Bride promising to obey until death? Not any more

 
by Jennifer Cram (09/09/2018)  |  Categories: | Vows | Wedding Ceremony |
Traditional vows with
                        Obey crossed outOne of the very common questions I field from brides is Do I have to promise to obey? And the answer to that one is that, unless you are getting married in a religious ceremony in a seriously fundamentalist denomination, the bride promising to obey the groom hasn't been a feature of wedding vows for decades. And thank goodness for that. My dark sense of humour conjures up visions of same sex couples tossing a coin or doing rock, paper, scissors at the altar to decide who was going to obey whom!

The other promise that you do not have to make is Until death us do part. 

The legal statement (called vows, but not really vows in the strict sense of the word as they do not include any promises) is a statement firmly fixed in the present moment.  Each of you has to say
I call upon the persons here present, to witness that I [Full Name] take you [Full Name] to be my lawful wedding [husband/wife/spouse].
And that's it. Once you have both said it, you are legally married. So it is in the optional promisesReview of Jennifer Cram,
                    Brisbane Marriage Celebrant that you may, but do not have to make, that time is mentioned.  Technically, and legally, you don't have the option of including a sunset clause in any promises you make because, in the passage from the Marriage Act your marriage celebrant must make before you make your vows, the way marriage is defined by law in Australia, is recited.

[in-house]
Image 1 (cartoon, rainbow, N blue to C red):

Marriage, according to law in Australia, is the union of two people, to the exclusion of all others, voluntarily entered into for life.
So why promise until death?

Probably the big reason (or at least the reason most people do) is tradition. We've all grown up hearing those words in wedding ceremony after wedding ceremony. In real life, in movies, on the TV. Like the traditional marriage vows, and the ring(s), it is part of the fabric of our culture.  And we imagine that it has been that way since Adam and Eve. Actually, not. All of these things were added to the marriage ceremony over a period of several hundred years in mediaeval times. Til Death, in the 15th century, four hundred years after the marriage ceremony, as we know it, was first decreed by the Catholic Church. At the time, it made economic sense to include such a clause. On marriage, a woman became her husband's property and needed to be protected economically. And most marriages did not last that long. Death in childbirth was common, and so were all sorts of diseases, so the average life expectancy was 38.

Given that none of the above now applies, in certain circles there has been an ongoing debate about replacing lifelong marriage with fixed-term contracts. Personally, though that may well be more realistic, I don't think it is going to happen, because it would compromise the second most common reason for making such a promise. It is romantic. Promises to stick together, no matter what, sharing the hope that the couple will grow old together, tend to make the tears well up at weddings - and not just in the eyes of the couple.  Parents, guests, and even this particular celebrant have been known to get teary during the vows.

My advice, though, is re-frame the words. Promise something positive. Such as For as long as we both shall live, or All the days of my life.  It means the same, but is a far happier way to phrase your life-long commitment.